Another bit of wisdom from Hollywood that applies to marketing videos is the saying, “It’s show business, not show art.” That does not undermine the value of creative. Obviously, boring videos will not drive engagement. However, a fantastic video that has the power to catch fire does not necessarily have the power to generate meaningful results.
According to Google, customers in the B-to-B space are increasingly watching video during the entire path to purchase, with 48 percent consuming more than 30 minutes worth of video content.
Hunger for engagement is there, but getting the right message in front of the right people at the right time is key. Only about 15 percent of marketers are taking advantage of optimization metrics that help determine if the video is actually working. Once you have the creative nailed down, it is imperative to devise an execution strategy that ensures that prospects are able to easily locate — and actually want to view — the ideal video content that is going to move them along the journey to conversion.
Optimize Your Videos Once They Go Live
Despite even the best planning efforts, most videos are not going to be perfect at launch. What is working and what isn’t? In the old days of one-way video viewing, it was impossible to know.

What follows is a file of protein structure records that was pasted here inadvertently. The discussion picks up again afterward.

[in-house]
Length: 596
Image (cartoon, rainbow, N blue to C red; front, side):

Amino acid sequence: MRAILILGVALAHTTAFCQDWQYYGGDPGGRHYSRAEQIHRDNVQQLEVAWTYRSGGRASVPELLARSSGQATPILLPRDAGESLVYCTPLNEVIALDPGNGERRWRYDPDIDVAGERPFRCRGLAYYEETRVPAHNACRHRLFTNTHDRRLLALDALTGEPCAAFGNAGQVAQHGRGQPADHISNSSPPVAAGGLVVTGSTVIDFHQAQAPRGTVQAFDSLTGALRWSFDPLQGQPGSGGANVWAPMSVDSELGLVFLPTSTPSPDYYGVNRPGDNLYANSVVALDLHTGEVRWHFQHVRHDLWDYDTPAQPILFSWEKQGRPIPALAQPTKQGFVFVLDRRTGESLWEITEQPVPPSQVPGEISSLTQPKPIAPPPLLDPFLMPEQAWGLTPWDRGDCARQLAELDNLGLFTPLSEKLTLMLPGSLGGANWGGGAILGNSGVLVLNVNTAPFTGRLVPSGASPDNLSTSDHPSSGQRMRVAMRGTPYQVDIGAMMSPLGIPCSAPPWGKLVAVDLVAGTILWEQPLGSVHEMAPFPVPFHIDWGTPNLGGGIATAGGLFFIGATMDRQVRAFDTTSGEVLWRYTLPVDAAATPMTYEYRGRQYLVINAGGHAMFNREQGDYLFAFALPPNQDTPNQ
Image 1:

Digital video gives us tools that uncover ways that video can be optimized even after it has been produced. With digital video, we can identify drop-off rates, audio issues, multiple browser tabs in play and other indicators that signal an engagement issue. Attacking those issues is partially related to making sure that the right target is viewing the content.
Outside of targeting, we have a developing set of new tactics in the video space, like dynamic calls to action (CTAs), gates, question forms and hot spots that allow for us to test performance changes in real-time.
Employing these tactics wisely provides the opportunity to optimize video performance without going through complex edits, new uploads and swapping-out video content.
Build on your most successful video campaigns with similar content “Rogue One” recently smashed Disney’s expectations and enjoyed a hugely successful worldwide launch. How did Disney do it?